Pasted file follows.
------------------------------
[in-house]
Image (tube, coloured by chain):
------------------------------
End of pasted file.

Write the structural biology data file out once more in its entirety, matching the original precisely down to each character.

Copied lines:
[in-house]
Image (tube, coloured by chain):